Manufactured: 1979 – 1985
Designer: Jacob Jensen
MMC 20 Cartridges
Prior to the release of MMC1 – 5 cartridges, Bang & Olufsen had the following MMC range of combined styli and cartridges:
MMC cartridges were available with standard ½” mounting brackets, or with easy plug-in, lightweight connectors. These enabled you to mount MMC cartridges onto non-Bang & Olufsen arms. The cartridges plugged directly into Beogram pickup arms without additional mounting gear
In 1958, Bang & Olufsen introduced the first stereo pickup cartridge ever made in Europe. This was called the SP1. Since then, many design innovations and the creative use of new materials have kept B&O’s cartridges at the forefront of audio technology. By 1979 – 80, Bang & Olufsen’s cartridges were represented by the MMC 20 series. MMC stands for ‘Moving Micro-Cross’; the patented moving-iron principle upon which all B&O cartridges were based. This unique system employed a cross-shaped armature which, among other advantages, guaranteed exceptional stereo separation since each channel moves on a separate axis.
The job of any pickup cartridge is to transform the record’s physical profile (groove modulation) into corresponding electrical signals (which are then amplified or enlarged by the amplifier and turned into audible sound waves by the loudspeaker.
A cartridge must perform three separate and exacting tasks if it is to do this job successfully. It must function mechanically (the movements of the stylus in the groove); it must function magnetically (using the physical movements to create changes in a magnetic field); and it must function electrically (using the changes in magnetic flux to generate an electrical current). At each stage, one type of energy is transferred into another, quite different, type. And the transfer must be perfect, with no energy lost and none added from extraneous sources.
No cartridge will ever reach this ideal unless the Laws of Physics can be repealed. However, by understanding the relationships between the three transfer stages and continually applying refined engineering techniques, B&O’s belief was that each stage of cartridge improvement would bring each successive cartridge closer to the ideal. The MMC20 series therefore represented the closest that modern technology at that time, could possibly afford.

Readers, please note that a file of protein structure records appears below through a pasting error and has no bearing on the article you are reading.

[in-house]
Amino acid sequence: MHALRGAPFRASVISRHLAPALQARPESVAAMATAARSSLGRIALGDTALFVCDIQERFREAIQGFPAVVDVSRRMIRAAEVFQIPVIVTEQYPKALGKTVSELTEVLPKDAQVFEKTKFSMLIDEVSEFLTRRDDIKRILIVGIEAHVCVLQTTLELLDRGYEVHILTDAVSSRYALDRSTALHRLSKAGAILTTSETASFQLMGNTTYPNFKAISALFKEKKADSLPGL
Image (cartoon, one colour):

Record wear and the cartridge
If you take music seriously the value of your record collection is likely to be high. Many of your records are likely to be irreplaceable. You will also know that the signals pressed into your vinyl discs are very fragile indeed. The pickup cartridge can be the disc’s worse enemy since an ill-suited cartridge can mark a record for life in a single play.
While B&O is aware that cartridge specifications are inter-related, their research shows consistently that Effective Tip Mass (ETM) is one of the major factors affecting record wear. ETM is the equivalent of the amount of inertia the groove ‘sees’ in moving or accelerating the stylus tip. Consequently, the higher the ETM value, the higher the force required for a given constant acceleration. Obviously, more force results in more wear.
Three elements contribute to ETM. The stylus tip (diamond) contributes with its entire weight and mass. The armature contributes between 5 – 20% of its weight and mass; the cantilever around 30%. B&O has been able to reduce ETM substantially by refining these elements and building them into an integrated unit. The result is a system which not only reduces damage to the groove walls dramatically, but also provides exceptional performance at all frequencies.
Bang & Olufsen cartridges have always been highly acclaimed for their low ETM values. The ETM of the MMC 20CL is a mere 0,3mg and in the standard MMC 20 range,, only 0,5mg.
MMC cartridges were manufactured by Bang & Olufsen as totally integrated units. This means that the elements were matched, balanced and sealed at the factory. Using a computer-supported testing programme,, each sealed unit was meticulously tested and it’s performance information automatically registered and packed with each cartridge. The information given included output voltage, relative voltage output (channel balance), channel separation and frequency response. Individually-calibrated frequency response curves were also supplied with the higher-specified MMC 20CL cartridges.